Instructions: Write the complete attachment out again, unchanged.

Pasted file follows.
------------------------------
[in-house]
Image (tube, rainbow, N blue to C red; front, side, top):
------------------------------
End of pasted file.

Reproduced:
[in-house]
Image (tube, rainbow, N blue to C red; front, side, top):